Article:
“If you torture me I won’t be able to help you anyway.”
“You don’t know what we’re capable of.”
Sparks gritted his teeth. “I don’t care. I’d rather die than betray my country.”
The Catalanion’s eyes took on a dangerous glint. “That is very possible, but the time it takes could be a lifetime.”
“Go ahead and see how far you get. I don’t care about my own life, but I care about my country.”
Esteban looked at him for a moment, then turned his attention to Nelson, nodding to the guards who suddenly held Sparks even tighter, pinning his arms behind him. Sparks watched as Esteban pulled out a serrated edged knife. Without any warning he drove it into Nelson’s left upper arm.
Despite his best efforts, Sparks couldn’t break free from the two men who restrained him.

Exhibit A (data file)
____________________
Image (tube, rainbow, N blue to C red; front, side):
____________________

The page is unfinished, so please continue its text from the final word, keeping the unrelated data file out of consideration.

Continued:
Esteban walked away from Nelson and shoved the bloodied knife in front of Sparks’ face. “Do you still refuse to co-operate?”
Sparks held his breath, the room suddenly started to spin before his eyes. He let go and took a deep breath before answering. “I can’t. I can’t do that to the Admiral.”
His captor’s eyes glared into his own and Sparks knew that whatever he did would mean a lose-lose situation. Esteban strode back to Nelson, stopping behind his chair before deftly plunging the knife into his shoulder.
“No!” cried Sparks struggling angrily to no avail.
“I can keep this up for a long time. What is your answer? Will you do as I ask, or shall I continue to use your Admiral for entertainment?”
Sparks looked at the bloodied uniform. The Admiral would never have allowed himself to be used like this if he’d been conscious. He reluctantly shook his head, pain in his heart. “No, I can’t.”
Esteban placed the knife on the table, took out a pistol and placed it against the Admiral’s right knee. “Have you ever had a knee injury? It takes a long time to heal, sometimes it never does and the person is crippled for the rest of their life. Believe me when I say that this would be only the first of many injuries he will receive. Is this what you want for your Admiral?”